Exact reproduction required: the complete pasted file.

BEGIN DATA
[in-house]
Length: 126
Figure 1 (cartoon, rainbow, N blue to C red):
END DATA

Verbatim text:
[in-house]
Length: 126
Figure 1 (cartoon, rainbow, N blue to C red):